The non-structure based supportive activities include: (1) Forecasting and warning of flooding and drought; (2) Conducting hydrological investigation and research and collection, preservation and dissemination of information and data regarding these matters; (3) Construction of roads on dams and embankments, implementation of fisheries projects and afforestation on own land to ensure environmental protection and development; (4) Conducting research on BWDB'S own programmes; (5) Organise the beneficiaries of the implemented projects to continue the programmes and to inspire them to participate in the new projects and (6) Innovation, implementation and administration of institutional structures and techniques to recover the project expenditure and project management.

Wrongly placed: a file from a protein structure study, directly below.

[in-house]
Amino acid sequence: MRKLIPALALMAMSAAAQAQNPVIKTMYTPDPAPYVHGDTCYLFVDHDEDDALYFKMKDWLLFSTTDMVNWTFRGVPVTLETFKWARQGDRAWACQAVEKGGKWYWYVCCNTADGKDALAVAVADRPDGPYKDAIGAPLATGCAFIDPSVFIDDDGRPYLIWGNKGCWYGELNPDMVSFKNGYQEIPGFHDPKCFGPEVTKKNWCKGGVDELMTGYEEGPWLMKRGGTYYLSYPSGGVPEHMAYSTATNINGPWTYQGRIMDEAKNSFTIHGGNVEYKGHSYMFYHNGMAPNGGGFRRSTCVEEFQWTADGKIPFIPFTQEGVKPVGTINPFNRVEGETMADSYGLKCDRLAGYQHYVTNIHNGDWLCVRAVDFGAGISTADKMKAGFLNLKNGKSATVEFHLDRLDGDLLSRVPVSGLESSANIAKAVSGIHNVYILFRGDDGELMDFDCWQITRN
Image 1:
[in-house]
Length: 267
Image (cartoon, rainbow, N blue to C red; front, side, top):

The total flood prone area of the country is 11.7 million hector. About 5.9 million hectors of land of this area was brought under the flood protection programme till 2009. BWDB provides irrigation facilities to 1.41 million hectors of land only against 8.2 million hectors of land, suitable for irrigation. It has created a conducive environment in the northeastern 'haor' area and made 290 thousand hectors of land cultivable for Boro paddy. BWDB has constructed 1826 Kilometre long dwarf dam to protect this crop from flash floods. It also constructed embankments of different shapes totaling 10,224 kilometer in 2008-09 fiscal year. The number of projects implemented till then was 714, under which a total of 19,726 water structures, sluice-regulators, bridges and culverts, four barrages and 19 pumping stations were constructed. Agri-products worth about 450 thousand million taka are produced per year in the command area of BWDB projects and about 80 million people, mostly day laborers, farmers and fishermen of rural areas are being benefited from the board's flood protection projects. The most outstanding benefits of such projects are: the people are protected of their lives and wealth and they use the roads constructed over the dams for easy transportation and communication. The existing major challenges in the water resources sector are: climate change, decrease of level and flow of waters, tragedy of river-eroded people, reduction of navigability of rivers due to deposit of continuously silting, loss of effectiveness of old projects, sufferings of coastal people due to ineffectiveness of structures caused by frequent cyclone and tidal surge along the coast line, increase of salinity and stagnancy of water in the southern area and non-inclusion of much awaited Ganga Barrage Construction project in the Annunal Development Plan. BWDB is trying hard to face all these challenges successfully. [Md. Abu Taher Khandakar]